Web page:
An Idaho police officer who's known widely for his presentations on teen drug and alcohol use will be coming to Tualatin to give a free workshop for parents and educators.
Officer Jermaine Galloway has worked in law enforcement since 1997 and received Mothers Against Drunk Driving's 2010 Mickey Sadoff Underage Drinking Awardfor his work to prevent underage drinking in Boise.
Galloway said Monday that his presentations, which he calls "Tall Cop Says Stop" - he's 6 foot 9 - focus on helping adults understand trends among today's youth when it comes to underage drinking, drugs, drug concentrates and designer drugs.
He'll also have a simulation of a teenager's room that he'll use to show parents what to look for. For example, "there might be a little bracelet sitting there and the term 'molly' in it," which is slang for the drug most commonly known as ecstasy, Galloway said. That bracelet might raise questions such as where and how the teen obtained it and why he or she has it.
"Just because your kid has a bracelet for molly doesn't mean they're automatically using drugs," Galloway said. "Maybe somebody's identifying with drug culture, maybe they're using molly, maybe they just like the way the bracelet looks, maybe they used molly one time. ... That should still start a conversation for you."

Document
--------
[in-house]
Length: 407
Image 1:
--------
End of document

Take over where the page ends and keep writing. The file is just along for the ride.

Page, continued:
Galloway, who has four children himself, ranging in age from infancy to 14 years old, added that he's seen a lot of parents who don't know how to start conversations about drug or alcohol use or who don't know the importance of having such conversations.
"If you're not talking to your child, someone else is," he said.
Galloway's presentation runs from 5:30 to 8 p.m. Thursday, Jan. 22, in the auditorium at Tualatin High School, 22300 S.W. Boones Ferry Road. Child care will be available for children up to age 6; there will be activities for children ages 7 and older. Spanish translation also will be available.
The nonprofit anti-drug coalition Tualatin Together and the Tualatin Police Department are sponsoring Galloway's visit to Tualatin.
Cyndy Hillier, a spokeswoman for Tualatin Together, said Tualatin Police Chief Kent Barker has heard Galloway speak and was impressed by "how impactful he is and how knowledgeable he is."
Galloway will also work with Tualatin officers during his visit, Hillier said. "The police are really investing in this because they believe that it's information they really need," she said.
Tualatin Together and the Tualatin Police are sharing the $2,735 cost of Galloway's presentation, Hillier said.